How To Make the BEST of Co-Teaching
Building a relationship takes time as well as tons of effort. Being intentional about building a relationship is important. Mindfully going into co-teaching will benefit both teachers and the students. Some people are not naturally comfortable with having another person in their classroom, so easing into co-teaching may be necessary.
To begin with, meet ahead of the year and get to know as much as possible about one another. In my experience, there have been teachers who are more open to sharing and others who are less. That's okay! As long as your co-teacher knows you care and you are interested, that's a start.
Learn about what your co-teacher expects in the classroom as far as student rules are concerned. If you are the specialty teacher, then the classroom rules are ultimately up to the classroom teacher. Be sure to respect them and support them too. Similarly to parenting, students will try to play the two of you against each other. :) but if you are on the same page and work as a team, you will be more successful. For example, if the classroom teacher has a rule that students can sit where they want, but cannot change seats throughout the day, then you need to know that and reinforce it.
As a co-teacher, I used to visit multiple rooms in one day. Each teacher had her own system for allowing students to take a restroom break. It was my job to get to know that system for each class, remember it, and reinforce it. It may seem insignificant, but it's actually a big deal. Routines and keeping structure in tact are important. As co-teachers we have to be supportive and work as a team.
When there are two teachers in the classroom, it can be a beautiful thing. It lowers the teacher/student ratio and kids tend to learn more and quicker. However, this only happens in rooms where the two teachers understand what their respective roles are. Who is doing what and when? This takes some preparation time and an upfront understanding among one another.
For example, I used to go into a classroom for a very short period of time each day. Before I started going in, I met with the teacher and we looked at her schedule. During this 15 minute block of time when I would visit her room, she was in the middle of reading workshop. We decided together that this would be a great time for me to confer one-on-one with a few students each day. I would grab the conferring notebook, decide who needed a one-on-one conference and do it! I usually did several each day. While I conferred with students, the classroom teacher pulled small groups. It was a highly effective way of utilizing a co-teacher for a 15 minute block of time. Rather than walking in and just assisting students willy-nilly, we had a targeted instructional plan for the short block of co-teach time.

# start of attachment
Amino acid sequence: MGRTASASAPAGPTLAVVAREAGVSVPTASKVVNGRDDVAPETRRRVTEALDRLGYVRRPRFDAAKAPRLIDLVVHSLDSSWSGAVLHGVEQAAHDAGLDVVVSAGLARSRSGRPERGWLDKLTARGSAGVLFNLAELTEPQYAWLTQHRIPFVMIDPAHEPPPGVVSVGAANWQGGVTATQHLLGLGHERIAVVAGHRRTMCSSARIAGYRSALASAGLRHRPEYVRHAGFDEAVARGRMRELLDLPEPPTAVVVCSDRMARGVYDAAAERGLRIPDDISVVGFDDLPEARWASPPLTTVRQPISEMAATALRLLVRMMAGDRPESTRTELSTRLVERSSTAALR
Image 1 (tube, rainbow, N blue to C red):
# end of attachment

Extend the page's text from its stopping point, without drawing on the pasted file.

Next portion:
The key here is the co-teachers should plan together. I realize this is asking a lot. Many specialty teachers are spread very thin and their schedules don't allow for planning with the classroom teacher. Sometimes you have to get real creative with the schedule to find time to plan. But it's worth it! When you plan (at least long range or short range planning), you know in advance what the kids will be learning and you can begin preparing and accommodating. You can start to pull resources to use in the classroom. You can search for instructional strategies to give the classroom teacher. Discussing specific needs and accommodations while planning is priceless.
Talk with administrators at your campus and advocate for a sacred planning period with your co-teacher. At one school where I worked, we did short range planning once each grading period and the principal blocked out 1/2 a day for us. During that time, our classrooms were covered either by art, music, PE teachers (anyone who could help-really). And teachers who worked with that grade level were able to plan together. Priceless time. What we didn't get done during that time, we finished through electronic means (google drive, email, etc).
There are 6 Co-Teach Approaches identified by Dr. Marilyn Friend, guru of Co-teaching. It’s critical that both teachers know and understand the approaches in order to be able to plan to use them in instruction. Click here to learn more.
It may take extra effort, but the bottom line is that if we aren't increasing instructional intensity, then we are wasting both time and money (I'm sure I heard this somewhere before). We have to do what's best for students.
5/28/2017 06:05:06 pm
I used to coteach for high school ELLs and I can attest to the planning component for sure. It is very difficult to be effective with students if you as the teacher walk into a room without knowing what the learning goals are. These a re really great ideas-thank you for sharing them!
11/28/2018 07:31:08 pm
Yes, planning is so important!
5/28/2017 10:13:21 pm
Great post! Co-teaching is definitely a task that requires commitment, comprehension and connection among the teachers. You've stated some very important points. Thanks for sharing!
5/29/2017 08:52:52 am
Thank you, Martha. I appreciate feedback and your support.
5/29/2017 08:56:39 am
Thank you for reading and replying, Bret. Planning is almost always an issue. If teachers can find a way to resolve it, that's when the magic happens!
11/28/2018 07:09:15 pm
Loved this article but I think Andrea Honigsfeld and Maria Dove are the gurus of co-teaching.
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